When NeXT first contemplated making computers, Steve Jobs decided that machines should be in the shape of a cube, and that they should be built from cast magnesium. Although magnesium is a relatively expensive metal, it is remarkably strong and lightweight. No doubt, this let NeXT save on shipping expenses, although the added handling and manufacturing costs was one of the factors which led to the cube’s high cost.
Simson Garfinkel, former Senior Editor, NeXTWORLD Magazine had an idea in 1993 – how well does a magnesium case burn?
As a former chemist, I was attracted to the NeXT’s magnesium case for a different reason: magnesium burns with a brilliant white flame. When NeXT announced that the first NeXT Cube was made of cast magnesium, I am sure that I was not the only person who imagined what fun could be had by setting it ablaze. Of course, at more than seven thousand dollars each, I doubted that anybody would ever actually carry out the experiment.
Anyway, during the fall of 1991, I interviewed Rich Page, NeXT’s then vice-president for hardware, for an article which we later ran in NeXTWORLD Extra. At the time, I asked Mr. Page if he could get me an empty NeXT Cube case for the purpose of having such a burning. Page smiled and said that he thought something could be arranged. A few days later, he called me up and said that I could pick up an empty cube at NeXT’s Freemont factory.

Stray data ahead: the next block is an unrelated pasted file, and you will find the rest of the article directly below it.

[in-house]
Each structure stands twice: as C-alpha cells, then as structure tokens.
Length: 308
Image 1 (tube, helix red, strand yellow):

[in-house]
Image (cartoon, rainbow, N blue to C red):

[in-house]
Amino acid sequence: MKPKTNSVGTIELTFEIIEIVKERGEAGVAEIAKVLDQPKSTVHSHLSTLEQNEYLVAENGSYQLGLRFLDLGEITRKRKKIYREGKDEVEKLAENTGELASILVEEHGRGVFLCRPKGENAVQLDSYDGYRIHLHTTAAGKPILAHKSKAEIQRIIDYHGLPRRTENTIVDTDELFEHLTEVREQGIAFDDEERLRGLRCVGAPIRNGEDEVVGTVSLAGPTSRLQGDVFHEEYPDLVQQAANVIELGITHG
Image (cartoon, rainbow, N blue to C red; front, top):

Calling around, Garfinkel finally convinced Lawrence Livermore Laboratory to assist in a controlled burn of the cube.
You can read a detailed account on how the process went (and it wasn’t “light and watch the flames” easy) in the post here. Yes, it did burn with some help and they had to use two expensive cases to get the shots. There are a series of photos of the process on Flickr. Via news.ycombinator.com.
See Adafruit’s coverage of NeXT over the years in the blog posts here.
Use a NeXT keyboard on a modern computer – tutorial.
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Very cool! Had no idea anyone would even dare to make a magnesium case. Wow.
I’ve seen magnesium bike forks tossed into a roaring campfire.
The results were white-hot!